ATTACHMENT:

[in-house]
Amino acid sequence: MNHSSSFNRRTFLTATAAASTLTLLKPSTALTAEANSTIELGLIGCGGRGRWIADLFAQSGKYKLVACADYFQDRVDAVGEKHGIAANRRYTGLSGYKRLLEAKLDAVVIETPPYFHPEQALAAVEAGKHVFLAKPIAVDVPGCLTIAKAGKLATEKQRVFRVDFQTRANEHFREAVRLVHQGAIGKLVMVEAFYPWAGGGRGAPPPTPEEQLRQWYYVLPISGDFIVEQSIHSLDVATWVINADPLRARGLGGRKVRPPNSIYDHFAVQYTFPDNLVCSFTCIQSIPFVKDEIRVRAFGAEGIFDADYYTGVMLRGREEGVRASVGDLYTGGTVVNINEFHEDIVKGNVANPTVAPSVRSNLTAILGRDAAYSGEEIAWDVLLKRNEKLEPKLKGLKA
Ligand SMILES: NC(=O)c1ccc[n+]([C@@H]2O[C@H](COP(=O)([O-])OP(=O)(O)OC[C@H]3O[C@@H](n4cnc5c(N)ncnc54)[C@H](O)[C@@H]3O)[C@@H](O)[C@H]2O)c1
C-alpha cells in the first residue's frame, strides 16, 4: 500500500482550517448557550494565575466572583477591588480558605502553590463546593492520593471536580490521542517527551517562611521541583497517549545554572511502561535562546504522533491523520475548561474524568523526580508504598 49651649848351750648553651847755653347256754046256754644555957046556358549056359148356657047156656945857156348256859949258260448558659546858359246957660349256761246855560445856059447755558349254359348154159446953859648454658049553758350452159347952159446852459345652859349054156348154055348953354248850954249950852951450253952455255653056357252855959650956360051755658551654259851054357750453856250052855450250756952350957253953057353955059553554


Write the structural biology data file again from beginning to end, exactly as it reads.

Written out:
[in-house]
Amino acid sequence: MNHSSSFNRRTFLTATAAASTLTLLKPSTALTAEANSTIELGLIGCGGRGRWIADLFAQSGKYKLVACADYFQDRVDAVGEKHGIAANRRYTGLSGYKRLLEAKLDAVVIETPPYFHPEQALAAVEAGKHVFLAKPIAVDVPGCLTIAKAGKLATEKQRVFRVDFQTRANEHFREAVRLVHQGAIGKLVMVEAFYPWAGGGRGAPPPTPEEQLRQWYYVLPISGDFIVEQSIHSLDVATWVINADPLRARGLGGRKVRPPNSIYDHFAVQYTFPDNLVCSFTCIQSIPFVKDEIRVRAFGAEGIFDADYYTGVMLRGREEGVRASVGDLYTGGTVVNINEFHEDIVKGNVANPTVAPSVRSNLTAILGRDAAYSGEEIAWDVLLKRNEKLEPKLKGLKA
Ligand SMILES: NC(=O)c1ccc[n+]([C@@H]2O[C@H](COP(=O)([O-])OP(=O)(O)OC[C@H]3O[C@@H](n4cnc5c(N)ncnc54)[C@H](O)[C@@H]3O)[C@@H](O)[C@H]2O)c1
C-alpha cells in the first residue's frame, strides 16, 4: 500500500482550517448557550494565575466572583477591588480558605502553590463546593492520593471536580490521542517527551517562611521541583497517549545554572511502561535562546504522533491523520475548561474524568523526580508504598 49651649848351750648553651847755653347256754046256754644555957046556358549056359148356657047156656945857156348256859949258260448558659546858359246957660349256761246855560445856059447755558349254359348154159446953859648454658049553758350452159347952159446852459345652859349054156348154055348953354248850954249950852951450253952455255653056357252855959650956360051755658551654259851054357750453856250052855450250756952350957253953057353955059553554